The Chicago Public Library’s Carter G. Woodson Regional Public Library recently received the American Institute of Architects (AIA) Chicago’s Distinguished Building Award, Citation of Merit. As a repository of the Midwest’s largest collection of African American history and literature, the Woodson Library required renovations. The 1974 uninsulated brick façade was deteriorating and had been netted for years. Dark brick and black glass provided minimal natural light and casted an image residents perceived as closed and uninviting. EXP’s reimaging of the library replaced the failing entryway with a durable, welcoming façade, partnered with two new art installations. The glass installations depict Carter Woodson, the building’s namesake and one of the nation’s first African American History scholars, alongside Vivian Harsh, the Chicago Public Library’s first African American librarian. Other renovations to the building include new ceilings, lighting, and mechanical, electrical and plumbing upgrades.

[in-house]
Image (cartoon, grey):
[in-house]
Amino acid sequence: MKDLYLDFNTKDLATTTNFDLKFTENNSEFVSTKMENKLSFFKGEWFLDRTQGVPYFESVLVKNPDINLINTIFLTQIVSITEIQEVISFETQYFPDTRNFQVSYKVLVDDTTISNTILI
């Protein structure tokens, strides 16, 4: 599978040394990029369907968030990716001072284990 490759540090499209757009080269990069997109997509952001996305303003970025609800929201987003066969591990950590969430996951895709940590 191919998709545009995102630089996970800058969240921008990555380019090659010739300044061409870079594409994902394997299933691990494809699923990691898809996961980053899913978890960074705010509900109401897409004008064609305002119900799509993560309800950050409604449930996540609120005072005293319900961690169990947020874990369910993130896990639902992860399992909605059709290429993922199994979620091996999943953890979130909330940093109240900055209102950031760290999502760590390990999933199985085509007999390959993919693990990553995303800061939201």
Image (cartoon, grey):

EXP Design Director Tom Hoepf, FAIA, shared, “The new façade does so much more than just keep the water out. It was an opportunity to completely change its character and re-link it with the Washington Heights neighborhood as a new community hub, and as such, is an example in sustainability as we re-purpose our existing buildings to serve another 50 years.”
The inviting design acts as a link between the neighborhood’s cultural history and the contemporary evolution of libraries as community centers. “The renovated entryway welcomes library patrons into Woodson and connects the community of Washington Heights with all of the cultural and informational resources the library has to offer,” says Director of Woodson Regional Library Veleda Simpson.
Learn more about Carter G. Woodson Chicago Public Library here.